Diffusion and perfusion imaging provides a simple and feasible means to identify ischemic tissue at risk for infarction beyond the established 3-hour time window.2 Therefore, these techniques have been used extensively to investigate acute lesion evolution in both animals and humans and aid decision-making in the clinical setting.2,11 The present study used diffusion and perfusion imaging to investigate potential differences in the spatiotemporal evolution of ischemia after permanent suture MCAO (sMCAO) and eMCAO in Sprague Dawley rats that may help explain reported differences in the time window for intervention in these models.
Materials and Methods
Male Sprague Dawley (n=16) rats (Taconic Farms; Hudson, NY) weighing 289±11 g were anesthetized with isoflurane (5% for induction, 2% for surgery, and 1.2% for maintenance) in room air. PE-50 polyethylene tubing was inserted into the femoral artery for monitoring of mean arterial blood pressure and for obtaining blood samples to measure blood gases (pH, Pao2, and Paco2) and plasma glucose at baseline, 90, and 180 minutes after MCAO. Body temperature was monitored continuously with a rectal probe and maintained at 37.0±0.5°C with a thermostatically controlled heating lamp. Permanent sMCAO (model 1) was produced in 8 animals as described previously.5 For eMCAO (model 2), 1 red blood clot (diameter 0.35 mm; length 36 mm) was injected into the internal carotid artery of 8 animals over ≈1 s at the bifurcation of the pterygopalatine and internal carotid arteries as described previously.8
The protocol for embolus preparation used herein was modified from a protocol originally described by Toomey et al.12 Whole blood (200 μL) was withdrawn from the rat 24 hours before surgery into an Eppendorf tube. The blood was promptly mixed with 1.0 National Institutes of Health (NIH) unit (10 μL) of human thrombin and 4.5 μL of 1 mol/L CaCl2 for a final CaCl2 concentration of 20 mmol/L. Within 5 s, a small portion of this mixture was drawn into an ≈30.0-cm length of polyethylene catheter (PE-50) and allowed to clot at 37°C for 2 hours. At the end of this period, the clot was extruded from the catheter into a saline-filled Petri dish and stored at 4°C for 22 hours. Before embolism, a 5- to 10-cm section of clot was placed into a separate Petri dish containing deionized water, incubated for 5 minutes at room temperature, thereafter transferred into a solution of isotonic saline, and dissected into a single 36-mm section. This section (clot) was collected into a PE-10 catheter in a volume of 50 μL of saline. The interval between this final step and embolization was <5 minutes.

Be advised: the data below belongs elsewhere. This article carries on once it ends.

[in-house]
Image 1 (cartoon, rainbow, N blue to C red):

MRI experiments were performed on a 4.7 T/40 cm horizontal magnet equipped with a Biospec Bruker console, and a 20 G/cm gradient insert (ID 12 cm; 120-μs rise time). A surface coil (ID 2.3 cm) was used for brain imaging and an actively decoupled neck coil for perfusion labeling.5 Animals were imaged at 30, 60, 90, 120, 150, and 180 minutes after MCAO. A complete imaging block lasted 10 minutes. The apparent diffusion coefficient (ADC) of water and basal cerebral blood flow (CBF) were recorded. Three ADC maps were separately acquired with diffusion-sensitive gradients applied along the x, y, or z direction.5 Single-shot, echo-planar images were acquired over 2.5 minutes with matrix=64×64, spectral width=200 kHz, repetition time=2 s (90° flip angle), echo time=37.5 ms, b=8 and 1300 s/mm2, Δ=24 ms, δ=4.75 ms, field of view=2.56×2.56 cm, seven 1.5-mm-thick slices, and 16 averages. CBF measurements were made using the continuous arterial spin-labeling technique with single-shot, gradient-echo, echo-planar image acquisition. Paired images were acquired alternately: 1 with arterial spin labeling and the other without. Magnetic resonance (MR) parameters were as follows: matrix=64×64, repetition time=2 s (90° flip angle), echo time=13.5 ms, field of view=2.56×2.56 cm, seven 1.5-mm-thick slices, and 60 pairs of images.